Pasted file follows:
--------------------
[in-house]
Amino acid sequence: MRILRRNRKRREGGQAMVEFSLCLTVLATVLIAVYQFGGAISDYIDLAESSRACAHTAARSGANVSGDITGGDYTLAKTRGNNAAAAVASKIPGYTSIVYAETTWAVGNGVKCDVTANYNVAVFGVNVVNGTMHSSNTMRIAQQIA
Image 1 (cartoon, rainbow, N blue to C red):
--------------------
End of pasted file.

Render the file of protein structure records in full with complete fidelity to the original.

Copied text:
[in-house]
Amino acid sequence: MRILRRNRKRREGGQAMVEFSLCLTVLATVLIAVYQFGGAISDYIDLAESSRACAHTAARSGANVSGDITGGDYTLAKTRGNNAAAAVASKIPGYTSIVYAETTWAVGNGVKCDVTANYNVAVFGVNVVNGTMHSSNTMRIAQQIA
Image 1 (cartoon, rainbow, N blue to C red):